Cases of Omicron COVID Variant Detected in India: What We Know

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With multiple reports of the new COVID-19 variant of concern, Omicron, here's a quick run down of what we know about the variant, and if it's a cause for alarm.


Omicron Variant: What is it?

Not much is known about this new variant, but initial studies from South Africa (where the variant seems to have originated) are encouraging in the sense that there are no indications so far of the variant causing serious illness and severe symptoms, or being any more transmissible than the other variants, including Delta.

But this is just speculation at this point, and more case studies and research are needed to substantiate them.

In the meantime, there is what we do know about the new variant.

  • According to the World Health Organisation (WHO), the new variant (B.1.1.529) was detected in South Africa for the first time on 24 November. However, it's likely been around for at least a few weeks leading up to the date.

  • The variant was dubbed Omicron by the health authority.

  • On 26 November, the WHO classified the variant as a 'variant of concern' which means it poses a potential threat to global public health.

  • COVID cases in regions where the variant was detected have been on the rise, but it's difficult to pin it on Omicron as yet in the absence of solid data linking the two.

  • So far, other than India, the variant has been detected in South Africa, Brazil, Israel, the UK, Canada, and the US among other countries.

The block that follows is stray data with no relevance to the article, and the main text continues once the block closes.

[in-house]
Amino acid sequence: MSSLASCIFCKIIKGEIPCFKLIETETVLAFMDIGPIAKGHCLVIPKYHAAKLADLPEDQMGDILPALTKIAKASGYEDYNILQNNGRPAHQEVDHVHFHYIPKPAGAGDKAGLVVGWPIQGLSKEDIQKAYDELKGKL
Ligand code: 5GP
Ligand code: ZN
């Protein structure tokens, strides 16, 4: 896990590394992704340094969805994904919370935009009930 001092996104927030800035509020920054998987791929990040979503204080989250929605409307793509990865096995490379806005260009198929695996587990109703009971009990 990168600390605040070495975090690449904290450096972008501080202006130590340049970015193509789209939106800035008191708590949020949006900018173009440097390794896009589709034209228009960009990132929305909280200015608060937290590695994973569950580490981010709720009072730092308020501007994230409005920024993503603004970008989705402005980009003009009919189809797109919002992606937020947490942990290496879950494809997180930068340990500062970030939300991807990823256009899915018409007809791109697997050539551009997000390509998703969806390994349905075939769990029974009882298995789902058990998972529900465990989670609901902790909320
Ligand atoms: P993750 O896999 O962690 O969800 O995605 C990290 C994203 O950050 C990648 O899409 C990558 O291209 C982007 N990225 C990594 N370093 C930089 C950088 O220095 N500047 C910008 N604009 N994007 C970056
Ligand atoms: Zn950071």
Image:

• The variant has a large number of mutations, unlike any of the previously known COVID variants.

    Speaking to FIT for a different article, virologist Dr Shahid Jameel explained, "It has a total of 50 mutations, of which 32 are in a region which we call the spike protein, which is a protein on the surface of the virus."

"Some of these mutations are within a region which we call the receptor-binding domain. These are regions which are used by the virus to bind to its target cells and to enter cells. This is also the region which is the target of antibodies that neutralize the virus."
Dr Shahid Jameel, Virologist

A Cause for Concern?

This, however, doesn't mean it's time to press the panic switch just yet.

"There is no need to panic about the Omicron detection, but awareness is absolutely essential. Follow COVID-appropriate behaviour, avoid gatherings," Lav Agarwal, the Health Ministry's Joint Secretary was quoted as saying by NDTV.

The WHO too has urged caution considering information about the variant and its behaviour is very limited at the moment.

Although it has been suggested that the variant only causes mild illness, the WHO has also said that preliminary studies point to omicron increasing the risk of reinfections.

"Omicron variant has a large number of mutations, some of which are concerning. Researchers around the world are conducting studies to better understand transmissibility, severity and immune escape capabilities of Omicron," said Dr Poonam Khetrapal Singh, Regional Director, WHO South-East Asia Region in a press statement.

Till such time, health authorities and experts continue to urge people to get vaccinated, mask up, and not get complacent.

"This emphasizes on the need for all countries to step up surveillance, to be on alert and rapidly detect any importation and take measures to curtail further spread of the virus."
Dr Poonam Khetrapal Singh, Regional Director, WHO South-East Asia Region

The MoHFW has also announced new travel guidelines for international arrivals in light of the rapid spread of the variant.

(Written with inputs from NDTV.)

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Topics:  COVID-19   COVID Variant   Omicron 

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